Maybe they’re living in denial; perhaps they’re just missing the point. So Jesus tries to make it as tangible for them as possible. As they’re sitting there, Jesus gives this wonderful speech that flips everything on its head, that’s not about being first, but being last; it’s not about being served, but about serving. You can imagine the disciples’ reaction to all of this – a collective “huh?” So Jesus takes this child, and says, “Let me put it this way: whoever welcomes this child has got it right.” A child would have been the most vulnerable member of society. They were not of high regard in that first century. So what he’s saying is: “If you welcome in those whom society has dismissed, then you've got it. It’s not about being the most powerful. It’s not about being the greatest. It’s about recognizing who’s left out; who’s the weakest; who’s the despised.” The disciples seem to have placed themselves first. They have missed the whole point. They have forgotten, and even though they’re following Jesus, it has become all about which one of them is going to be the greatest.

It’s like the story of a family traveling in a cross-country car trip to Yellowstone National Park. It’s this long car trip, so they’ve given the son in the back seat a lot of things to occupy his time. But he has gone through all the DVDs and has a read all the books. He is simply bored out of his wits. So they start playing the license plate game, collecting how many different states they can see. By the time they get to Yellowstone Park, they’ve got 24. And they think, “This is great! We have killed the time and have gotten about half the states.” So they arrive at the Park and are ready to check in and get something to eat. But the son says, “Can’t I stay in the parking lot?”

“No,” they tell him, it’s time to go inside.”

“But I’ve only got 24. I’ve got to get the rest.”

They’re driving around, looking at Old Faithful, while the son is back in the parking lot: “Pennsylvania. Got it!” He got all of the States, but he missed Yellowstone. It’s like missing the forest for the license plates.

There are times when we don't get, when we’re focused on the wrong thing. To have priority, to have our priorities in order, means to have the very thing that we need to put the center of our lives. Recognizing the tension in the word “priority”, I would like to suggest that we should each have three priorities: God, self, and others.

Put God first. If “priority” really means only the first thing, then perhaps it makes sense to stop with God. The question then becomes, can we segment God off? If we make God a priority rather than the priority, we have said that there are things in our lives that don't involve God. Do we really believe that God is sovereign? Do we really believe that Jesus is Lord? If so, there is no area of our life which we can separate from God. Do we make room for God, though?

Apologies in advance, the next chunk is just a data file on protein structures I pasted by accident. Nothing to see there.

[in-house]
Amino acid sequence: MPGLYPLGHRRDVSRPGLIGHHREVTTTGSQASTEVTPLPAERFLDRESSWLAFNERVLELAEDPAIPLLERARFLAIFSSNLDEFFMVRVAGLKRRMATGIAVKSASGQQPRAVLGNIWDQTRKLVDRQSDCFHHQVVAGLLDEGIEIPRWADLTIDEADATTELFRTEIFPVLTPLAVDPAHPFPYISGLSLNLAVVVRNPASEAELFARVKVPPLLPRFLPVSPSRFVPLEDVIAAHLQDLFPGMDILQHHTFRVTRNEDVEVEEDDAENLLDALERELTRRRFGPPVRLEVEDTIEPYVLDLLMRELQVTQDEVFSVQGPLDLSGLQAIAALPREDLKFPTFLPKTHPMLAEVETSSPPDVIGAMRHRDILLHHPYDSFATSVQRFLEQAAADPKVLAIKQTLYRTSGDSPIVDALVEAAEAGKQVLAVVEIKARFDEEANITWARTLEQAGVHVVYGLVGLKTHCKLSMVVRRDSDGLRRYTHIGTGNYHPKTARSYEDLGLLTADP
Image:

Someone wise once said that you can tell a person's priorities by looking at their checkbook. What does your checkbook say about you? Do you make room for God there? I don't just mean church. And I don’t not mean church. But it’s about God’s desires. Do our financial priorities make room for what it is that god desires in the world? And it's not just about money. It’s about time. Does God get that first bit of our time, those first fruits of our harvest? Or does God get the leftovers that are shoved back in the freezer? Do you make time for prayer? Bible study? Reading theological books and devotional texts?

I'm convinced that if we put God first, if we really take that word “priority” literally, and put God as the priority, all other things, all other responsibilities, will simply fall into place. And I also want to hear a very clearly that this idea of putting God first, making space for God, making room for God, is not just about you. It’s about me, too. I’m preaching to myself as much to anyone else. The emails, the meetings, all of the responsibilities and the busy-ness of ministry can sweep aside the very reason that we're doing ministry in the first place. So I’d like to suggest a small step. What would it look like to spend the first five minutes of every day with God? It could be praying, reading Scripture, reflecting, sitting, whatever it is that focuses you to making space for God in your life. Start with that and see where it leads you.

I’m also convinced that putting God first then helps us understand those other priorities of self and others. It's not easy to say which of these, self or others, ought to have priority. Some of us have this sense in our very bones that we ought to neglect ourselves because we don’t matter all that much. Maybe that means we need to reengage love of self. For others of us, we were always taught to put ourselves first without any regard for others. So maybe we need to put others first in order to put ourselves in proper perspective.

In either case, we can take that lesson of the child in Jesus’ arms. If we put that child first, if we put the most vulnerable of society - whether it's ourselves or those around us - then we’ll begin to get it right. And part of each one of us is more vulnerable than we'd like to admit. Give yourself time. Take care of yourself. And for those who are outside the circle, those on society's margins, those who are like the children of the first century, ignored and forgotten, make time for them. Spend time on behalf of others so that we might serve God.

Can we put ourselves in the footsteps of the disciples as they wandered those ancient lands? Can we be sure that Jesus goes before us? Can we leave behind that mountain retreat and follow him wherever it is that he leads? Can we trust him to lead us where it is that we need to go? Can we welcome him as we welcome those we’d rather not - those who are vulnerable and remind us how vulnerable we are; those who are on the outside and remind us that we're not as great as we might think we are?

The life of faith is a journey. We step forward some times; other times we step back. My hope is that our priority can be in God alone, that we might follow Christ all the days of our lives.

sermonsMarthame Sanders